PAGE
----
The Tibetan Mongolian Buddhist Cultural Center, located on Snoddy Road on the south side of Bloomington, houses eight monks (some of which are visiting from Mongolia), several workers, shrines and relics, all in the name of promoting a greater understanding of Buddhism and its core message of peace.
“We sincerely wish to promote a message of peace, compassion and loving-kindness,” Geshe-la said. “We try our best wherever we go on this tour, we try to share this message from a Buddhist tradition,” he said.
In an interview with a visiting monk, the idea that Buddhists do not proselytize was emphasized.
“We are not trying to make more Buddhists. We are trying to make more good people,” Geshe-la, whose given name is Lobsang Dhondup, said, speaking through Tenpa Phuntsoh, who interpreted for Geshe-la. “And to become good people, we should try to generate a good heart.”
The Tibetan Cultural Center was founded in 1979 by the eldest brother of the Dalai Lama, Thubten Jigme Norbu. Norbu, who was exiled from his native Tibet in the 1950s, served as a professor of Tibetan studies at IU and promoted the cause for Tibetan independence.
In 2007, the Center expanded its mission to include the preservation of Mongolian culture and spirituality and was renamed to reflect this addition.
As a cultural center, it serves not only Buddhists, but hosts many interfaith retreats as well. The cultural building, when originally constructed, was an interfaith construction project.
Muslims, Jews and Christians all provided materials and labor in the construction of the building. This ecumenical spirit remains relevant today, as the center offers programs for people of all faiths.
The center offers opportunities for visitors to come and meditate in its temple area, most recently renovated in 2007 for the Dalai Lama’s fifth visit to the center.
This openness towards other religious traditions stems in part from the teachings of Buddhism and its belief that all people have the opportunity to find enlightenment, no matter what their religious background.
“All of the founders of the world religions have the same idea, same thought, same will. Same will,” Geshe-la said. “All the people of this world have a different mental disposition.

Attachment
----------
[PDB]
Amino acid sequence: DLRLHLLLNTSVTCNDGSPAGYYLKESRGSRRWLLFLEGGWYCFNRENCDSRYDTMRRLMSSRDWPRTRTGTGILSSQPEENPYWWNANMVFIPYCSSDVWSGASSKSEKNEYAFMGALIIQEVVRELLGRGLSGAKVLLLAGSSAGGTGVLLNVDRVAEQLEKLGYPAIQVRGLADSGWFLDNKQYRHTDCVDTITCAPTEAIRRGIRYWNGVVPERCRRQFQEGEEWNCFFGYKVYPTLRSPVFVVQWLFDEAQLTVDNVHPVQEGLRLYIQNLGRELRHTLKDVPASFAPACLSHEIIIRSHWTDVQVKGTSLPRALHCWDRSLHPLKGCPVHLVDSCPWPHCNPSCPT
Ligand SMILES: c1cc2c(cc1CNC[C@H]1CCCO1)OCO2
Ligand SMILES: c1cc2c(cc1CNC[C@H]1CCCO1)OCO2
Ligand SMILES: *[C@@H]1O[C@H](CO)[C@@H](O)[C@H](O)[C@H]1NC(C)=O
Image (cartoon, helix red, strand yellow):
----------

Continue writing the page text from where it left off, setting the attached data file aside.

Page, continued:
“One of the core beliefs of Buddhism is that there are so many buddhas and bodhisattvas (enlightened beings) and they always take rebirth in different forms that will help the suffering of sentient beings.”
Buddhists believe all people can reach enlightenment.
“Buddha said that our mind is clear, naturally. A very luminous and knowing nature. And there are many afflictive emotions, defilements. These all are just residing temporarily inside our mind,” Geshe-la said. “They all are not naturally of the mind. The nature of the mind is really clear.”
Just as the sun, which shines naturally, may be covered by clouds, it is only temporary and the sun’s brightness still remains unchanged, Geshe-la said. “Eventually it is said that all sentient beings, if they practice, if they study, they all have the same potential to enter a state of perfection.”
The center, which has plans for eventually opening an educational center devoted to the promotion of Tibetan and Mongolian culture and spirituality, remains dedicated to the promotion of peace, harmony and understanding between the world’s religious faiths.
Geshe-la said the teachings of Buddha cannot be forced upon a person, but instead must be embraced freely by the individual.
“The Buddha said that ‘I cannot pick you up from the suffering world. I cannot give my wisdom or my compassion to you. But I can show you the path toward enlightenment,’” Geshe-la said.